Lockheed Martin said on May 27 that it detected a “significant and tenacious attack on its information systems network.” The firm stressed that “our systems remain secure; no customer, program or employee personal data has been compromised.” It added that “appropriate” US federal agencies had been notified of the incident.
Lockheed Martin and other defense firms use RSA SecureID tokens to enable employees to gain access to corporate networks from outside the office.
In March RSA admitted that an “advanced persistent threat” attack had extracted information related to its Secure ID two-factor authentication products. “While at this time we are confident that the information extracted does not enable a successful direct attack on any of our RSA SecurID customers, this information could potentially be used to reduce the effectiveness of a current two-factor authentication implementation as part of a broader attack”, Art Coviello, RSA executive chairman, said in an open letter to RSA customers.
A number of security experts think that RSA’s confidence was misplaced. Researchers at NSS Labs said that “there have been malware and phishing campaigns in the wild seeking specific data linking RSA tokens to the end-user, leading us to believe that this attack was carried out by the original RSA attackers.”
In a March analysis of the RSA breach, NSS Labs said it was a “strategic move to grab the virtual keys to RSA’s customers – who are the most security conscious in the world. One or several RSA clients are likely the ultimate target of this attack. Military, financial, governmental, and other organizations with critical intellectual property, plans and finances are at risk.”
Commenting on the Lockheed Martin incident, James A. Lewis, a senior fellow and a specialist in computer security issues at the Center for Strategic and International Studies, told The New York Times that the “issue is whether all of the security controls are compromised. That’s the assumption people are making.”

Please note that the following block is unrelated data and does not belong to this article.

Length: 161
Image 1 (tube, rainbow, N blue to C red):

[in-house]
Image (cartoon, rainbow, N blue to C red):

“We don’t know what they went after at Lockheed,” Lewis said. “One possibility is that it’s a state actor, but it could also be criminals who are trying to exploit the company’s customers.”
According to military sources the newspaper consulted, Lockheed Martin shut down its remote access and issued new SecureID tokens and passwords to many of its workers in response to the incident.
01 June 2011
Can you put a price on your Intellectual Property? Now that the "keys" have been stolen all the locks need to get changed. If a government contractor spends billions developing a strategic asset it will certainly be a target for a cyber attack. Phishing, an email leveraging a false sense of trust, is typically the 1st step in modern attacks. Application whitelisting can't stop phishing but it can stop the advanced malware that is deposited on the unsuspecting user's computer. A default-deny strategy is the only way to address advanced threats. No longer can we allow new software to run/install if it is not known to be bad.
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